There are lots of types of therapy but there are four main groups that people are familiar with:
Counselling: An individual therapy that can take place in variety of places including schools (a guidance counsellor), in a hospital or over the phone (such as Samaritans)
Psychotherapy: An individual talking therapy that is used as a treatment for a range of mental health difficulties
CBT or Cognitive Behavioural Therapy: A type of therapy which aims to teach you how to cope with problems through changing the way that you think about them
Family Therapy: A therapy that usually involves parents or carers as being actively part of the treatment
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Most therapies sessions are between 45 minutes to 1 hour. Sometimes Family Therapy sessions are longer because there are more people involved. A service will inform you how long your sessions will be before you start working with them.
The most common pattern is that therapy sessions take place once a week. So, if you have been offered 12 therapy sessions, this would usually take place over 12 weeks.
Some therapies are more spread out. Family Therapy, for example, might take place once every 2 to 3 weeks.
There are some forms of psychotherapy might take place more than once a week.
Whatever form of therapy you are offered, you should be informed before you start how often the sessions will take place.
Therapy sessions mostly takes place in therapy centres or what are called CAMHS (Child and Adolescent Mental Health Services). The service would have rooms specially allocated for therapy and those rooms are set out in a way to try and provide a calm environment where you and your family, if appropriate, can think and communicate easily with your therapist and each other.
There are also some forms of therapy which are offered in a more community-based way and may be called outreach teams. A therapist from these services will go out and meet a young person in their homes or in a community setting, such as a café. These types of services are less common than CAMHS services where most therapy will take place.
Therapists will often ask you questions about yourself to try to understand any difficulties you may be experiencing. They may also use questionnaires to help both you and your therapist understand your situation better and monitor your progress across all your therapy sessions.
Your therapist might also ask you to practice things between sessions because part of your work together is to help you change some of the things that you may be finding difficult. By suggesting things that you can go away and try, you can then come back to the next session and describe how you found those things and whether they were helpful or not.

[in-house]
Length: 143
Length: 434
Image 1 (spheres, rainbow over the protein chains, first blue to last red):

One of the important things is to agree at the beginning of therapy what the purpose of the therapy is. Why are you coming and what do you want help with? And this is not always easy to work out. Sometimes, life is complicated, and things may not be going well and it may be hard for you to know exactly what you want help with at first. But it’s important to have the discussion with your therapist and to try to be clear about what you’d like help with.
Another important thing to ensure you get the most out of therapy, is to be honest. Your therapist will be keen to understand you and what things are like from your point of view. This may seem awkward at first and you may have to build that relationship with your therapist but for therapy to be really helpful it’s important that they really understand what’s going on with you rather than you telling them what you feel they would like to hear.
There may be many different reasons why a young person might struggle to attend therapy sessions. Some of them could be practical, like not having the money to get transport to the session or the time of the therapy session itself. The important thing, if you are finding practical barriers to attending, is to discuss this with your therapist, or with your parent, guardian or trusted adult, to see if they can help you find a solution which will make it easier for you to attend.
There can be other reasons why a young person may struggle to attend. You may feel that the therapy is not that helpful to you. Or that you don’t feel motivated to attend or that the therapy sessions don’t make you feel better and you’re not quite sure what the point of attending is. And these are really important things to try to address with your therapist because, if they are not sorted out and you are missing sessions, it’s likely that the sessions will not be as effective as they should be in order to help you make progress.
If you don’t want to attend therapy anymore, it may be for very good reasons. And it’s worth having a discussion with your therapist to explain why you don’t wish to attend anymore. Is it because you feel much better and don’t see the point of continuing? Or is it because you don’t feel that the therapy sessions are not being helpful? These are two very different things. The important thing is that you discuss why you don’t want to attend anymore and, maybe, discuss how you might manage your mental health away from therapy, whether that’s through a support network, through self-care techniques or through another service.